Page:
Incorporation of a Thai Private Limited Company under the Laws of the Kingdom of Thailand
Laws governing formation and incorporation of types of Thai business entity can be found in the Civil and Commercial Code of Thailand, title 12 ‘partnerships and companies’. A private limited company is formed through a process which leads to the registration of a Memorandum of Association (Articles of Incorporation) and Articles of Association (By-laws), as its constitutive documents.
The first step is the reservation of a company name. Usually 3 names are given, ranked by preference, and approval of the name will usually take 1-3 days depending on the government officer’s discretion. Certain names associated with the royal family, names of ministries and other governmental units, names with Thailand, names close to that of other companies, names against public moral, names that are misleading, are not allowed.
The promoters are responsible for registering the incorporation of the company with the Department of Business Development, Ministry of Commerce (Registrar of companies). The promoters must be individual persons (not juristic entities). There must be a minimum of 3 promoters for a private limited company. The promoters can be foreigners and/or Thai nationals. However, each promoter is required to be among the company’s initial shareholders immediately after the company’s registration and is required to hold a minimum of one share upon the company’s registration. They are generally free to transfer those shares to existing shareholders or third parties, thereafter, if they wish.
The Memorandum of Association of the company has to be filed with the Department of Business Development, Ministry of Commerce (Registrar of companies) and must include the name of the company that has been successfully reserved, the physical address where the company will be located in Thailand, its business objectives, the capital to be registered, and the names of the promoters.
There minimum capital requirements for a limited company in Thailand is THB 1 Million. In general, the registered amount of the capital should be respectable enough and adequate for the intended business operation. All shares must be subscribed to, and at least 25% of the subscribed shares must be paid up. The par value of each share must not be less than THB 5. If the company intends to employ foreigners, the minimum registered capital requirements for work permit may also be applied. The company must have a registered capital of not less than THB 2 Million with fully paid-up for each 1 foreigner, or THB 4 Million share capital for 2 foreigners, or THB 6 Million for 3 foreigners.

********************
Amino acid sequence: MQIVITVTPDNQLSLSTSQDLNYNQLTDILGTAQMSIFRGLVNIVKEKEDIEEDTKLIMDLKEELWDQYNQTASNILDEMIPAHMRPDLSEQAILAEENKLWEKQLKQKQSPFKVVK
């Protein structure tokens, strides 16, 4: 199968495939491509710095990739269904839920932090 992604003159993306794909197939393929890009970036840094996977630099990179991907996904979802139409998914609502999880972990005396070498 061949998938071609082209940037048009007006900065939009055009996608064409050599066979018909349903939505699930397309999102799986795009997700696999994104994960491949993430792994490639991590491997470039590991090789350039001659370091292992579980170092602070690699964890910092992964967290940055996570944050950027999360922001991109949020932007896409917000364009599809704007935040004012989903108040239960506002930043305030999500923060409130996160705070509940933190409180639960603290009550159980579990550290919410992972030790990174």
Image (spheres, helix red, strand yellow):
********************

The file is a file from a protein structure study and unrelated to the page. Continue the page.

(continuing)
A company is required to have at least 3 shareholders, whether person or juristic entity. Thai companies with foreign participation and control in Thailand are often set up as majority Thai owned companies to be classified as Thai companies and not to be restricted by foreign ownership or foreign business restrictions. Foreigner can be held the shares in a limited company not more than 49%, otherwise it is considered as a foreigner or foreign company which is required to comply with the Thailand Foreign Business Act that imposes restrictions on foreigners engaging in business activities in Thailand. Pursuant to Thai law, a foreign majority owned company is restricted from engaging in any business activities in Thailand, unless prior approval is granted from the Ministry of Commerce and obtain a foreign business license prior to commencing operations.
A company shall be managed by at least one director under the control of the General Meeting of shareholders. There are currently no general restrictions on the nationality of directors who control a Thai private limited company in Thailand. Therefore a foreigner can be a sole director of the company.
A company must prepare the balance sheet and financial statement, which is audited by at least 1 auditor, at least once a year and submit to the Ministry of Commerce, even the company has not operated or temporary ceased, otherwise, the company shall be liable to a fine to not more than Fifty Thousand Baht which shall be deemed as a criminal action. In addition, if a company fails to submit the balance sheet to the Ministry of Commerce for 3 consecutive years, the registrar may has its reasonable ground to believe that the said company has no longer carried on any business or no business has been operated, therefore, the registrar may remove or strike off the said company from the register which the status of the said company shall come to an end.
I hope that the above information will make you understand with the fundamental of Thailand corporate law. It will take approximately 3-4 weeks to complete the incorporation of a new Thai private limited company.
Should you have any questions regarding the above, please do not hesitate to contact us.
Laws governing formation and incorporation of types of Thai business entity can be found in the Civil and Commercial Code of Thailand, title 12 'partnerships and companies'.